For 25-year-old barista Sam James, who runs the Sam James Coffee Bar (his shop's cheeky name aside, the proprietor's actually quite modest), thinking small is baked into his business model. “If you're not in a high-volume location, you can focus on quality coffee without compromising,” he argues. “And I think people will go out of their way to seek out that quality.” His three-seat coffee spot opened in early September at Harbord and Clinton, and coffee aficionados regularly spill out into the sidewalk on weekends.

Cozy can even become a way of life. Having just survived working 30 days straight, Mr. James took a well-earned break from the daily grind last Tuesday, during which he slept in, ate cheese and got reacquainted with his cat. He also decided to patronize another microstore – Speakeasy, a new tattoo shop that just happens to be located right next door to his coffee bar.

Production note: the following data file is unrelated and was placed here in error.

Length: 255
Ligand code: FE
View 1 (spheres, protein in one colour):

It is, after all, a small world.

Friday, November 13, 2009

Comment Boards Are My Favourite Thing

This was a few weeks ago, but I forgot to post. The source material is linked below, but the comment speaks for itself. Rational public sphere indeed.


Sunday, November 01, 2009

When In Doubt, Ask a Canadian Celebrity For Medical Advice

I think Annabel Lyon is a phenomenal writer. That said, I don’t give a rat’s ass about whether or not she’s getting the H1N1 flu shot. Her new novel is about “Aristotle's relationship with Alexander the Great” according to the Globe. How does that make her medical decisions any more or less relevant than those of "ordinary Canadians?"

For more of The Globe and Mail doing what it does best: (link).

My Obligatory, Bi-Annual Potshot at Russell Smith

Thank you, Mr. Smith, for writing in such a way that my making fun of you is entirely unnecessary.

Exhibit A: TwitterTits

Exhibit B: Unboxing Trend Three Years Too Late